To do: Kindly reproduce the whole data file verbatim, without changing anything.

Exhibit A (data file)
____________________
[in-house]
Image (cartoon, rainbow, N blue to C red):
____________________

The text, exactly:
[in-house]
Image (cartoon, rainbow, N blue to C red):